Bleak future for Bulawayo’s Marvo


Struggling Bulawayo firm Marvo Stationery Manufacturers  has failed in its bid for a second loan from the Distressed Industries and Marginalised Areas Fund (Dimaf) and is likely to be liquidated, its judicial manager has said.

The company received $758 000 in 2012 from Dimaf but failed to recover. Judicial manager Chrispen Mwete of C Mwete and Company in April accused directors of swindling the firm out of $150 000 and failing to account for over $100 000 from the loan.

The company needs a $1.5 million rescue package and Mwete said that the company had been denied funding from Dimaf, which is administered by the Central African Building Society (CABS), which left it with only one option for new investment.

“CABS finally came up with a no and now we have one investor who is supposed to come on board,” Mwete said.

“If that investor turns us down we have no choice but to apply for liquidation even though it will be very sad because of Marvo’s situation. We don’t want to waste each other’s time,” he added.

The company has struggled to cope with cheap imports and because of high cost of operating its old machinery.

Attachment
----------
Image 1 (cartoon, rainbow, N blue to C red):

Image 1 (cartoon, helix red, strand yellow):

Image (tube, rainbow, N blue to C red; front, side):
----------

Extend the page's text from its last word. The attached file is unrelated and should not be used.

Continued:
Mwete said companies such as Marvo, one of the country’s most recognisable brands, should not go down as they are strategic to the country’s economic revival.

In May this year, Mwete said the company needed to raise $1.5 million within 90 days to escape liquidation.

However, the three months’ grace period lapsed in August with Mwete failing to secure the needed funds. Workers gave him another period to continue scouting for financiers than to have the company liquidated as that would not benefit them.

Currently, workers are on unpaid leave.

The company was established in 1966 and at its peak employed 600 people.-The Source


Don't be shellfish... Please SHAREShare on google
Share on twitter
Share on facebook
Share on linkedin
Share on email
Share on print

Like it? Share with your friends!

Charles Rukuni
The Insider is a political and business bulletin about Zimbabwe, edited by Charles Rukuni. Founded in 1990, it was a printed 12-page subscription only newsletter until 2003 when Zimbabwe's hyper-inflation made it impossible to continue printing.


Your email address will not be published. Required fields are marked *